In the lower part of the lid is inscribed a multiplication table.

For entering a digit, in the particular cut of a ruler, which can be seen in the vertical channel, must be put a stylus, and then the ruler must be moved, until the stylus touched to the bottom edge of the channel. After this action, the number, which has been entered, will be shown simultaneously in the both windows.

If to an entered number, for example 7, must be add 6, we have to perform the same action. During the moving of the ruler *a* to the bottom of the device, the hook *M* will enter into cohesion with the cogs of the ruler *b* and will move it one division downwards. As a result of this in the decimal column will appear 1. In order to get the proper digit in the units column (which in this example must be 3), we have (without pulling the stylus out of the cut) to move the ruler upwards, until the stylus touched the bottom edge of the channel.

During the performing of a subtraction, the actions of the operator are analogous, but the result must be read not in the lower, but in the upper window. If the minuend contains one or several zeroes, the result of the operation must be corrected.

A replica of the Perrault's calculating device (© Musée des Arts et Métiers)

Let see the original description of the device (pages 35 through 39 of the book are translated in the italicized section that follows):

*I call this machine Rhabdological Abacus because the Ancients called abacuses small tables or boards on which they wrote arithmetical numerals and because they called rhabdology the ability to perform various arithmetical operations by means of several small rods marked with digits.
The machine that I propose does about the same
thing. It is an abacus or small board about one finger
thick, one foot long and half a foot wide. It is carved and
made of thin ivory or copper plates, enclosing small rules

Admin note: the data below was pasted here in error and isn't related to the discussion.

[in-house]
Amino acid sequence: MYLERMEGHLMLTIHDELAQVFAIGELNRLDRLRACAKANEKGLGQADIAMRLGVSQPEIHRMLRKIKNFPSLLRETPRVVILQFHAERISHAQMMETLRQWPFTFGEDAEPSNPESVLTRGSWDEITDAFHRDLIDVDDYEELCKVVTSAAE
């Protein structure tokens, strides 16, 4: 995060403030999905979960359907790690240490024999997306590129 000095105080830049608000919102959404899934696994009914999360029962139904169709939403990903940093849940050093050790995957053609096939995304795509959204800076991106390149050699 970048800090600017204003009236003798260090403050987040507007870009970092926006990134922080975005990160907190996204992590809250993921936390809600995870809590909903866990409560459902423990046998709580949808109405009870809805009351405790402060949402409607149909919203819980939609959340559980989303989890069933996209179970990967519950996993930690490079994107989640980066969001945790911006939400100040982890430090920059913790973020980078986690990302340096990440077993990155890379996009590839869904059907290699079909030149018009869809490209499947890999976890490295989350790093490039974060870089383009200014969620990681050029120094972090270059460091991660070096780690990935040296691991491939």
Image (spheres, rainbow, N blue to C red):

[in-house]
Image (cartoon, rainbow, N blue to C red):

marked with figures. In the cover plate, marked ABCD,
two long and narrow windows in which the figures are
displayed have been cut out, one EF at the top and one
GH at the bottom. These windows are about three inches
apart and the area between them has cut out grooves IK,
ending at about fives lines of the windows and distant
also about five lines from each other.
Under the cover plate, several small rules a, b, c, d,
e, f, g, lying side by side, can slide up and down: they
are about 4 lines wide and seven and a half inches long:
their length is divided into 26 equally spaced parts by
engraved crossing lines. These lines are deep enough to
hold in position the tip of a stylus used to move them. Twenty-two figures have been marked in the spaces between
the engraved lines, eleven upwards and also eleven
downwards: this is done in a way that four spacings are
left empty between each series of figures. Thus we find,
beginning from above, 0. 1. 2. 3. 4. 5. 6. 7. 8. 9. 0.
and continuing downward, after having left four empty
spacings, 0. 9. 8. 7. 6. 5. 4. 3. 2. 1. 0.
Between the grooves, the cover plate is marked upwards
with the nine digits 1. 2. 3. 4. 5. 6. 7. 8. 9.
keeping the same spacing as on the rules.
When the rules are lowered or lifted, the digits show
one by one in the windows, but in a way that two digits of
the same rule appearing in the two windows always sum
up to 10. That's to say, if the figure 9 shows in the upper
window, the figure 1 will show in the bottom window, and
if there is 6 in one window there will be 4 in the other
one.
These rules, lying side by side, represent the decimal
order; the first rule at the right, marked N above
the upper window EF, being for the units; the second
one, marked D, being for the tens; the third, marked C,
for the hundreds, etc. They are separated by very thin
blades, which are interrupted by the value of three spacings;
the middle of this interruption being opposite the
bottom window. Each rule has LL rack-type notches at
one side of the bottom, each notch being opposite the
eleven figures, and at the other side a pawl M, to pull
downwards the adjoining left-hand rule. To ensure that